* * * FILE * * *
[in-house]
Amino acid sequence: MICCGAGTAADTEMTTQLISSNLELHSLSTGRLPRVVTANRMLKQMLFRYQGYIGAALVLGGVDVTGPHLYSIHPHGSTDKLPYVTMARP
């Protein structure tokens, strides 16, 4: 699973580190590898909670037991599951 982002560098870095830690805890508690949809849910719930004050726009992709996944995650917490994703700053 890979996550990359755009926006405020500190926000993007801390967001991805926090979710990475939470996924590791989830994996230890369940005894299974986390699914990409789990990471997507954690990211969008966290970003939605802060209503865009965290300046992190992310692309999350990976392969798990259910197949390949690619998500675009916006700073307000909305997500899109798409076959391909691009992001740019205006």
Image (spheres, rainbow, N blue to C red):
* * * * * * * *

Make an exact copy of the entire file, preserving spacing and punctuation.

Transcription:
[in-house]
Amino acid sequence: MICCGAGTAADTEMTTQLISSNLELHSLSTGRLPRVVTANRMLKQMLFRYQGYIGAALVLGGVDVTGPHLYSIHPHGSTDKLPYVTMARP
């Protein structure tokens, strides 16, 4: 699973580190590898909670037991599951 982002560098870095830690805890508690949809849910719930004050726009992709996944995650917490994703700053 890979996550990359755009926006405020500190926000993007801390967001991805926090979710990475939470996924590791989830994996230890369940005894299974986390699914990409789990990471997507954690990211969008966290970003939605802060209503865009965290300046992190992310692309999350990976392969798990259910197949390949690619998500675009916006700073307000909305997500899109798409076959391909691009992001740019205006």
Image (spheres, rainbow, N blue to C red):